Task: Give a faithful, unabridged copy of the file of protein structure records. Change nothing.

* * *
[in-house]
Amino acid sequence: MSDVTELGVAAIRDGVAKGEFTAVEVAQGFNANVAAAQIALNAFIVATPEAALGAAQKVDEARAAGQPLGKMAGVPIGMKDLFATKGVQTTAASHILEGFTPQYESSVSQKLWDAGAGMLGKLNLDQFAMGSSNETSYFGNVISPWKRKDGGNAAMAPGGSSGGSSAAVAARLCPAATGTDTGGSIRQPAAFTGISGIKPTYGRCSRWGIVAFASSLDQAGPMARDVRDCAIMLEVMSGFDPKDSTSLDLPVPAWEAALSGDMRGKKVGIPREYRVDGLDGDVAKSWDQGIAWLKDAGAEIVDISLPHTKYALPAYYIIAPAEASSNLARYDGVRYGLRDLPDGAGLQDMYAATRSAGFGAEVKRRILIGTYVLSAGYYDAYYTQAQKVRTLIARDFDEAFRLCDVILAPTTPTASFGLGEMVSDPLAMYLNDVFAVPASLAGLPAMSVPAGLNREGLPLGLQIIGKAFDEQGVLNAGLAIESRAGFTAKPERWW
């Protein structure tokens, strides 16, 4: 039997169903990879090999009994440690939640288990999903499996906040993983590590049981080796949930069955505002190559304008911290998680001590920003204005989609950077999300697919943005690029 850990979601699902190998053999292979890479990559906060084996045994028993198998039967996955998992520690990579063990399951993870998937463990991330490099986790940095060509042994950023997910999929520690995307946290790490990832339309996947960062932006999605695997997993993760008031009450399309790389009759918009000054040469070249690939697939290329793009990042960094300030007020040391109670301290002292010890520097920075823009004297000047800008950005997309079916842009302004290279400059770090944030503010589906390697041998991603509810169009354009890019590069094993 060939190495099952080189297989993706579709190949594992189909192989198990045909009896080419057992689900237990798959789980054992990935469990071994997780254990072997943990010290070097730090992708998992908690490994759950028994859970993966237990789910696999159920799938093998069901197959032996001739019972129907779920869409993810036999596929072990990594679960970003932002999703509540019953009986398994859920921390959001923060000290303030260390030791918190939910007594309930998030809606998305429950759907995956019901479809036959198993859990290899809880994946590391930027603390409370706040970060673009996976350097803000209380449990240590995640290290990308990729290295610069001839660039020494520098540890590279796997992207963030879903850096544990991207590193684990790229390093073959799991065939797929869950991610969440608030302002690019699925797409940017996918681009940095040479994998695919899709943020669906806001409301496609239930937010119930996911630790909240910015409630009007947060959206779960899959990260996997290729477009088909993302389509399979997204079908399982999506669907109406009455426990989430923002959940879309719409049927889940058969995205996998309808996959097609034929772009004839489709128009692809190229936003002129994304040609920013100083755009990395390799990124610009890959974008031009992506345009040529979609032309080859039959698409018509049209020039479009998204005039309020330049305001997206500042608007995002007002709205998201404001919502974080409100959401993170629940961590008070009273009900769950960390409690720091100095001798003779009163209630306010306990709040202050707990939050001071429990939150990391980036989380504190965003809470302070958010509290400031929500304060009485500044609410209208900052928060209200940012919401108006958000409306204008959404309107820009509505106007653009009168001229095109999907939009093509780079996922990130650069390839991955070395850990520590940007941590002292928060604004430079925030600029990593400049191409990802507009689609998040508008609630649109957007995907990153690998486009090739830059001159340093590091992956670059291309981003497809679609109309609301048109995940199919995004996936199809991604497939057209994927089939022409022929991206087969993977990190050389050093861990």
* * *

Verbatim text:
[in-house]
Amino acid sequence: MSDVTELGVAAIRDGVAKGEFTAVEVAQGFNANVAAAQIALNAFIVATPEAALGAAQKVDEARAAGQPLGKMAGVPIGMKDLFATKGVQTTAASHILEGFTPQYESSVSQKLWDAGAGMLGKLNLDQFAMGSSNETSYFGNVISPWKRKDGGNAAMAPGGSSGGSSAAVAARLCPAATGTDTGGSIRQPAAFTGISGIKPTYGRCSRWGIVAFASSLDQAGPMARDVRDCAIMLEVMSGFDPKDSTSLDLPVPAWEAALSGDMRGKKVGIPREYRVDGLDGDVAKSWDQGIAWLKDAGAEIVDISLPHTKYALPAYYIIAPAEASSNLARYDGVRYGLRDLPDGAGLQDMYAATRSAGFGAEVKRRILIGTYVLSAGYYDAYYTQAQKVRTLIARDFDEAFRLCDVILAPTTPTASFGLGEMVSDPLAMYLNDVFAVPASLAGLPAMSVPAGLNREGLPLGLQIIGKAFDEQGVLNAGLAIESRAGFTAKPERWW
């Protein structure tokens, strides 16, 4: 039997169903990879090999009994440690939640288990999903499996906040993983590590049981080796949930069955505002190559304008911290998680001590920003204005989609950077999300697919943005690029 850990979601699902190998053999292979890479990559906060084996045994028993198998039967996955998992520690990579063990399951993870998937463990991330490099986790940095060509042994950023997910999929520690995307946290790490990832339309996947960062932006999605695997997993993760008031009450399309790389009759918009000054040469070249690939697939290329793009990042960094300030007020040391109670301290002292010890520097920075823009004297000047800008950005997309079916842009302004290279400059770090944030503010589906390697041998991603509810169009354009890019590069094993 060939190495099952080189297989993706579709190949594992189909192989198990045909009896080419057992689900237990798959789980054992990935469990071994997780254990072997943990010290070097730090992708998992908690490994759950028994859970993966237990789910696999159920799938093998069901197959032996001739019972129907779920869409993810036999596929072990990594679960970003932002999703509540019953009986398994859920921390959001923060000290303030260390030791918190939910007594309930998030809606998305429950759907995956019901479809036959198993859990290899809880994946590391930027603390409370706040970060673009996976350097803000209380449990240590995640290290990308990729290295610069001839660039020494520098540890590279796997992207963030879903850096544990991207590193684990790229390093073959799991065939797929869950991610969440608030302002690019699925797409940017996918681009940095040479994998695919899709943020669906806001409301496609239930937010119930996911630790909240910015409630009007947060959206779960899959990260996997290729477009088909993302389509399979997204079908399982999506669907109406009455426990989430923002959940879309719409049927889940058969995205996998309808996959097609034929772009004839489709128009692809190229936003002129994304040609920013100083755009990395390799990124610009890959974008031009992506345009040529979609032309080859039959698409018509049209020039479009998204005039309020330049305001997206500042608007995002007002709205998201404001919502974080409100959401993170629940961590008070009273009900769950960390409690720091100095001798003779009163209630306010306990709040202050707990939050001071429990939150990391980036989380504190965003809470302070958010509290400031929500304060009485500044609410209208900052928060209200940012919401108006958000409306204008959404309107820009509505106007653009009168001229095109999907939009093509780079996922990130650069390839991955070395850990520590940007941590002292928060604004430079925030600029990593400049191409990802507009689609998040508008609630649109957007995907990153690998486009090739830059001159340093590091992956670059291309981003497809679609109309609301048109995940199919995004996936199809991604497939057209994927089939022409022929991206087969993977990190050389050093861990």